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When Your Team Moves, What's A Fan To Do?


The loss of a sports team can be a devastating event for a city and its fans. There are people in Brooklyn who still light candles for the lost Dodgers and people in Baltimore who lament the flight of their Colts. They feel confusion, heartbreak, anger and loss. Cameron Lashley watched the Cleveland Browns since he was a kid.

CAMERON LASHLEY: The trials and tribulations of being a Browns fan - that's ingrained into pretty much every instance of my life that I can remember.

SIMON: And then the dark day came in 1996 when Art Modell, who owned the Browns, moved them to Baltimore. The team became the Ravens, but they never became Cameron Lashley's team.

LASHLEY: Most of the people that I know who are Browns fans, they don't look at the Ravens and say oh, that's my team. Sometimes they look at it and they say that should be my team, but it's really not.

SIMON: It took four years for a new Browns team to come to Cleveland. Cameron Lashley roots for them from Georgia now.

LASHLEY: But I still consider myself to be a Browns fan. And part of that is I consider myself to be a person from Ohio, and that's part of what I identify as being from Ohio is being a fan of this particular team.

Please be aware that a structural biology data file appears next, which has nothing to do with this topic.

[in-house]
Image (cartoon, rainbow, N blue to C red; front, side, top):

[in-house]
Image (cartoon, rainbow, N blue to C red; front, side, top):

SIMON: The Browns haven't had a good year, haven't had a few good years actually. St. Louis no longer has the Rams. The owners in San Diego and Oakland would like to move their teams, too. What would happen if the Browns skipped town again?

LASHLEY: You know, I love my wife. If my wife were to divorce me and go off and move on to someone else, I might get to the point where I'm not seething mad about every day, but I'm not going to forget it. And I'll probably still be angry about it for as long as I can live.

SIMON: Cameron Lashley has some advice for St. Louis fans and their shattered hearts.

LASHLEY: Make the point. Make the noise that, hey, we're here in St. Louis, and we're ready to support a team. And sooner or later, someone's going to tap into that, and if there's a market there for it, they'll - they'll come take your money, basically (laughter). Transcript provided by NPR, Copyright NPR.

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